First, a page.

Dallas, Texas, July 27, 2011--With a theme of changing church culture for transformation, the 2011 School of Congregational Development opened to the Munger Place Band singing "Join Together," a classic rock song by The Who. Hundreds of church leaders are gathered at the Sheraton Dallas Hotel for five days of worship, workshops, plenary sessions, networking, and intensive conversations. Much of the conference is focused on creating a ministry plan using a framework of the "Call to Action," a process developed by the Council of Bishops and the Connectional Table to guide our denominational response to the mission of the church.
At the opening worship, The Rev. Paul Rasmussen, Highland Park UMC asked, "What could happen to all of our communities if we decided to become Christ centric instead of model centric?" Highland Park UMC took responsibility for developing Munger Place UMC, a new congregation that is breaking traditional models of ministry, and is drawing 500 people to worship each week. Their first vacation Bible school drew 92 children from the neighborhood. The Munger Place Band is one way that the church is exploring less traditional models. Led by Kate Miner, the band comprises a diverse group of musicians. Among other creative styles, hymns like Charles Wesley's, "Am I Yet Alive" were performed to a bluegrass rhythm.
The Rev. Nora Martinez, who leads Global Ministries' justice and discipleship programs, introduced the opening event's keynote speaker, Bishop W. Earl Bledsoe, of the North Texas Annual Conference (region). Bishop Bledsoe offered a message framed around Matthew 4:1-11 about embracing crisis as a turning point for congregations.
He reminded the group that, "when we keep our eyes on Christ, God will sometimes take us to places we may not want to go...Just as Jesus went through crisis, following Christ means sometimes walking through crisis." Bishop Bledsoe assured the group that if, "you know who you are and whose you are, Jesus will give us the key...and the journey into the wilderness will help us get our priories straight."
Highlighting a number of resources and personal experience, Bishop Bledsoe offered three points on helping congregations move through crisis in a way that will help them become more Christ centered.
- Be who God has created you to be.
The bishop suggested that when congregations understand what God wants for them, they will not be tempted to imitate other churches. Transformation happens with the help of the Spirit only when churches are living out God's purpose.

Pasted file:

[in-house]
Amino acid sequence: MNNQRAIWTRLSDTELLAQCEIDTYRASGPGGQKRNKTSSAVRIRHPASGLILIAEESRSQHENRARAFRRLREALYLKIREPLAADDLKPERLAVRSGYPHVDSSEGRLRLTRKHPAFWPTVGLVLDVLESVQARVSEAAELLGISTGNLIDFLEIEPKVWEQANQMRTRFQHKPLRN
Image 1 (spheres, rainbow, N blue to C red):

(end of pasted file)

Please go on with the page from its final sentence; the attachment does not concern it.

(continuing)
- Embrace and go through the crisis experience.
As an African-American pastor, Bishop Bledsoe described the feeling as being a "long-tailed cat in a room full of rocking chairs" when he interned at an Anglo church in a Hispanic community. He explained that because God had gone before him, he was able to help free people from their prejudices--and he also experienced liberation. Through the crisis, God prepared him for future challenges. He encouraged churches to stay focused and to trust God in the midst of crisis.
- See God's greater vision beyond the crisis: Get outside the walls of the church and into the greater mission field.
St. Paul is a church in downtown Dallas that was started by freed slaves. Over time the neighborhood changed, and in recent years drew artists and musicians. St. Paul evolved with the community and is now the "soul of the art district." It claims its historic roots as part of its transformation into a church for artists.
Bishop Bledsoe encouraged the group, concluding with, "We're well on our way with clarity in our mission. Do we have the will, perseverance, and tenacity to stay the course, gain traction, and see it through?"
The School of Congregational Development is an annual event sponsored by the General Board of Discipleship (GBOD), Path 1, and the General Board of Global Ministries. Parts of the program will be webcast live: gbgm-umc.org/scdlive. Consult the webcast schedule all times Central).
Melissa Hinnen is the information officer of the United Methodist General Board of Global Ministries.